Stellantis on Thursday announced it would produce four electric vehicle platforms soon and seek to have more than 40 percent of its U.S. sales involving plug-in hybrids and EVs by 2030.
Along the way, the OEM will spend more than $35.5 billion on electrification and software between now and 2025, Stellantis said during an “EV Day” Thursday.
Ram CEO Mike Koval announced Thursday his company would have a battery-electric Ram 1500 by 2024. Dodge said Thursday it wouldn’t sell electric cars — but it would sell “AMERICAN eMUSCLE.”
“If a charger can make a Charger quicker, we’re in,” CEO Tim Kuniskis said in a video.
Jeep said by 2025, it would have a 4xe edition in every SUV segment, and 70 percent of all Jeeps would be electrified in some way. CEO Christian Meunier said the 2021 4xe Wrangler had already become America’s No. 1 plug-in hybrid in just two months — and the production run was already sold out for the rest of the year.
Stellantis also revealed its 2022 Jeep Grand Cherokee 4xe plug-in hybrid variant for the first time Tuesday.
The OEM expects to be able to produce and sell electric vehicles for much less than it costs today. Stellantis in a news release said it wants to cut battery costs by 40 percent between 2020 and 2024, “and by more than an additional 20% by 2030. …
“Affordability is a priority at Stellantis, as the company is targeting for the total cost of ownership of EVs to be equivalent to internal combustion engine vehicles by 2026.”
Stellantis said its four fully electric platforms consist of three unibody configurations and one body-on-frame setup.
“The platforms are designed with a high level of flexibility (length and width) and component sharing, delivering economies of scale as each platform can support production of up to 2 million units per year,” Stellantis wrote in a news release.
The STLA Small architecture will offer up to 300 miles of range, while the STLA Medium should be able to reach up to 440 miles on a single charge. The 500-mile STLA Large and 500-mile STLA Frame setups are likely to be the most prevalent among the U.S. fleet. The former will include SUVs and muscle cars while the latter will include larger SUVs and pickups, according to Stellantis Chief Engineering Officer Harald Wester.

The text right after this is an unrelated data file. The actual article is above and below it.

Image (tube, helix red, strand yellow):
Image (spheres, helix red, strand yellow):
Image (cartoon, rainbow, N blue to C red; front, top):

“They will unlock new facets of our brands,” Wester said of the four platforms.
Stellantis Chief Design Officer Ralph Gilles said the OEM was creating eight vehicles on the STLA Large platform, and they would come to market in the next 3-5 years.
“That’s just the beginning,” he said. He said the STLA Large platform could eventually make its way to all 14 Stellantis brands.
The news from the Stellantis “EV Day” presentation provides further indications that collision repairers are likely to see a boom in electrified vehicles throughout the decade. This could mean new training, equipment and repair operations.
However, Stellantis’ new EV platforms by definition might ease the transition by presenting repairers with chassis consistency and familiarity. (Though you’ll still need to check the specific repair procedures for the individual vehicle in front of you.)
A slide described shared components and systems as a feature of the platforms. Discussing the STLA Large architecture, Stellantis Deputy Chief Engineering Officer Patrice Lucas observed, “This platform will use common assets.”
Lucas, whose role includes cross car line and project engineering, called this a “key lever” for the sustainability business model. He said cross-sharing components was important in “complexity reduction” and “volume bundling” for economic reasons.
Stellantis, July 8, 2021
Stellantis, July 8, 2021
The upcoming STLA Frame electric vehicle platform is depicted here. (Screenshot from Stellantis video on YouTube)
Stellantis plans to adopt four battery-electric vehicle platforms in coming years. (Screenshot from Stellantis video)
Stellantis Deputy Chief Engineering Officer Patrice Lucas appears next to one of Stellantis’ three upcoming unibody battery-electric vehicle platforms. (Screenshot from Stellantis video)
Stellantis Deputy Chief Engineering Officer Patrice Lucas appears next to a representation of Stellantis’ STLA Large unibody battery-electric vehicle platform. (Screenshot from Stellantis video)